VUCA is popular again. Volatility, Uncertainty, Complexity and Ambiguity are definitely part of life. They are one side of the coin.
The other side is Dependable, Predictable, Simple and Clear.
And then the edge of the coin is what Margaret Heffernan might call Uncharted which is the title of her new book. You can get this book here. A key to sustaining harmony is controlling the controllable's and maintaining peace of heart and mind.
A key to all of this is your change process. Do you have one?
If you are familiar with my work you will know mine.
1. Appreciate what is,
2. Imagine what can be,
3. Create quantum leaps (that’s small yet significant shifts) to move from what is to what can be.
4. Take the leaps.
The first four shifts gain momentum. Repeating the four shifts sustains momentum. Quantum leaps allow for adjustments in the moment as you go.
In addition to Dependable, Predictable, Simple and Clear, I’m also a fan of the idea of ‘SUPER VUCA by Kevin Roberts. He says “our job as creative leaders is to turn a Volatile, Uncertain, Complex, Ambiguous world into one that is Vibrant, Unreal, Crazy and Astounding."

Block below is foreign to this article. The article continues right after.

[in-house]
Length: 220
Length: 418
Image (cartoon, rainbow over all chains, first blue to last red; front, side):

My friend and colleague Gihan Perera wrote this great article on LinkedIn in 2015. Gihan says:
1. Expose Volatility: Do Rock the Boat
2. Use Uncertainty: Start Before You’re Ready
3. Challenge Complexity: Cut Through The Clutter
4. Act On Ambiguity: Seek Clarity
Here’s the thing, and one of the wonders of the modern world, help and suggestions are a click, a telephone call or a Zoom away.
Our future is mostly uncharted. Nobody has a crystal ball. Nevertheless we can thrive.
We just need to follow a change process and to choose wisely in each moment.
The immortal words of Viktor Frankl are here to guide us
“Between stimulus and response there is a space.
In that space is our power to choose our response.
In our response lies our growth and our freedom.”
Who will you become? What will you do next?
Become the wise leader you want to be.
PS “We cannot solve problems with the same thinking we used when we created them.” Albert Einstein